Conflagration at Tel Gezer Destroyed the Thorns, Not the Antiquities

'Tel Gezer did burn, and the sight is definitely disturbing,' said Israel Antiquities Authority director, 'But it is important to stress that in general fire does not irreversibly damage archaeological remains made of stone'

Ruth Schuster
Ruth Schuster
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A picture showing the aftermath of a fire in Tel Gezer, on Monday.
A picture showing the aftermath of a fire in Tel Gezer, on Monday.Credit: Mark Avrahami
Ruth Schuster
Ruth Schuster

The Tel Gezer archeological site in central Israel was not damaged in a wildfire as was mistakenly reported on Monday.

"Tel Gezer did burn, and the sight is definitely disturbing," said Israel Antiquities Authority Director Eli Eskosido. "But it is important to stress that in general fire does not irreversibly damage archaeological remains made of stone."

If anything, the elimination of the thorns and other pesky scrub obscuring the antiquities at the Tel Gezer National Park could wind up revealing new things, an archaeological source says.

A picture showing the aftermath of a fire in Tel Gezer, on Monday.Credit: Mark Avrahami
A picture showing the aftermath of a fire in Tel Gezer, on Monday.Credit: Mark Avrahami

At this stage the IAA is surveying and studying the damage that was done to the site and experts at conservation of antiquities will be removing the soot and charring, subject to the government approving budgets for the work. But in any case most of Gezer's ancient charms are subterranean and were untouched by the conflagration, Eskosodi added.

All this said, the fire affected hundreds of dunams, according to Ynet. In Israel in general, wildfires are caused by human agency, whether for malicious purposes or merely being careless with barbecue fires and/or cigarette butts. This applies to the Gezer fire too: it was reportedly caused by a "controlled fire" ignited to clear land for agriculture that got out of control.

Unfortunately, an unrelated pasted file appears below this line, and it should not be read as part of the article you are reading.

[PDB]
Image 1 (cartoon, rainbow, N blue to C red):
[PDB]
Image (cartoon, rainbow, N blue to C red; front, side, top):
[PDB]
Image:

The site that is now the charred and blackened Tel Gezer has been occupied for at least 5,500 years. It was first discovered in the 19th century by explorers to the Holy Land hoping to find proof of the bible and has been under scientific investigation more or less ever since.

In 2013, to their surprise, Israeli archaeologists discovered an early Canaanite city beneath the biblical-period Canaanite city. This earlier city had ties with Egypt, going by archaeological finds such as scarabs, seals, and a lovely cartouche featuring none other than Pharaoh Amenhotep III. Its destruction could have been due to a conflict with the Egyptians or internecine warfare, as was not rare in these parts or anywhere else for that matter.

Three years later a lovely palace-type structure was found in Gezer, from roughly the time of the legendary King Solomon. That was from a better time, apparently. From a less fortuitous period, archaeologists found a meter-thick destruction layer of ash and bricks in the city's west.

Then in 2017, for the first time archaeologists discovered actual bodies in Gezer, dating to a fiery destruction about 3,200 years ago: as the blazing Canaanite structure collapsed, an adult and child were trapped inside. This evidence supports Pharaoh Merneptah's boast that he had "seized" Gezer. Or of course maybe there was a massive wildfire there 3,200 years ago and with no planes loaded with fire retardant or water to put it out.

Has the bible been proved accurate? That would be a stretch, but it can be said, evidence supporting historical narratives have been found. But at no point in all this convoluted history do we learn why the Egyptians turned on Gezer – which they apparently did with enthusiasm: a relief at the Temple of Amun shows what some interpret to be the Pharaoh Siamun commemorating his victory over Gezer. Others contend the relief shows no such thing. Only further research will, or may, tell.

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